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Match-day policing under the spotlight

Match-day policing is to come under the spotlight as part of a new research project being run by the EFL and Keele University.

The ENABLE initiative is a new research-led crowd management project that could help transform the way in which future matches are policed and stewarded.

Led by crowd psychology and policing expert Professor Clifford Stott, the EFL’s new project will be run in conjunction with football clubs, police forces across the country and the Football Supporters’ Association.

Professor Stott said: “For the first time in the UK we now have an opportunity to examine the complex issues surrounding crowd management in football in a more objective way.

“We hope by working together our collaborative work will lead to very positive outcomes and help enhance security, improve supporter safety and empower fans’ positive experiences at football grounds across the country.”

The cost of football policing has been a hot topic in recent seasons as police budgets come under increasing pressure. This year, senior police officers have been lobbying politicians for more powers to charge football clubs for policing.

Currently forces are restricted by court judgements and only allowed to charge for policing on the ‘footprint’ of the stadium and not beyond that, such as city centre policing on match-days.

Campaigners have said extra powers to charge clubs more is “deeply concerning” and could put many club’s financial futures at risk – particularly given that football contributes £3.3 billion in tax revenue and £7.6 billion to the wider economy already.

The EFL’s head of policy John Nagle said: “The aim of the project is to promote collaboration between football clubs and police forces in order to encourage an ongoing, progressive dialogue about the best and most efficient ways to police football matches and to help them develop cutting edge crowd management techniques.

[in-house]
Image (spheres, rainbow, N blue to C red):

“In doing so, improving the match-day experience for supporters and helping to reduce the financial burden on Club and policing budgets, which are often stretched to the limit.”

Statistics released by the Home Office last month show that football-related arrests continue to decline and remain at record-low levels with just 3.3 arrests per 100,000 spectators – comparing favourably to other large-scale public events.

FSA chief executive Kevin Miles said: “The FSA is delighted to be an active participant in ENABLE together with the EFL. We feed into observations of match-day policing operations and have a place on the steering committee.

“The initiative isn’t without its challenges but we have already seen positive changes in how supporters are policed and it’s already clear that supporters respond far better to a community-driven, engaged style of policing as opposed to always being treated as a potential public-order problem.”

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